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On stage, climate change & social unity

Shakespeare, the Chipko movement and Tagore’s Dakghar, these were some of the subjects explored by the six schools that made it to the finals of the Annual Inter-School Drama Festival, organised by the Central School of Speech and Drama (CSSD), in association with British Council. The CSSD, affiliated to the University of London, aims to promote theatre in the classroom through the initiative.

Held on July 14 at Kala Mandir, the festival included environment and climate change, social unity and tolerance, cultural diversity and literature and the arts as its themes.

Young Horizons School’s play, Thus You Like It,was about young Sunny, who discovers his love for Shakespeare’s play As You Like It when the bard himself comes to his aid.

MP Birla Foundation’s A Small Step was based on the 1970’s Chipko Movement against rampant deforestation in the Garhwal region in Uttarakhand. The play received the first prize, with Deblina Chowdhury of Class X winning the best actress award for playing Gauda Devi, who urges people in her village to stand hugging trees to prevent them from being felled by woodcutters. Susmita Duari, who wrote the dialogues, was selected best teacher coordinator.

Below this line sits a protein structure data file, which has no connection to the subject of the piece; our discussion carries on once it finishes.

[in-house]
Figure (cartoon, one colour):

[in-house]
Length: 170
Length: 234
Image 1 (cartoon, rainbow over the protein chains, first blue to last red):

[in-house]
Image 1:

Apeejay School, Park Street came second with The Living Tree, about a young girl who is transformed into a tree every night. Once her secret is discovered, she is exploited by people, until she permanently turns into a tree. “We tried to explore the psychology of greed, and the extent it makes people go to,” said Bipasha Chakraborty, a teacher who helped in the production. St James came third with their play, The New Dawn. The other teams included The Heritage and North Point.

Director Suman Mukhopadhyay, actor Parambrata Chatterjee and Bruce Wooding of the CSSD judged the contest.

The first three teams received Rs 100,000, Rs 50,000 and Rs 25,000, respectively, with the other teams receiving Rs 10,000 each. “The schools have to submit a proposal explaining how they plan to utilise the money to promote theatre, after which we will hand it to them,” said Samarjit Guha, head of programmes, British Council, East India. The individual winners received laptops, along with the offer of a summer school course at the CSSD next year.

Said Shreyansh Rohatgi, of Apeejay, who picked up the best actor award for playing a conniving businessman: “I took up theatre in Class VI but quit because of the pressure of studies. I am still getting used to the win and that I will be going to the UK.”

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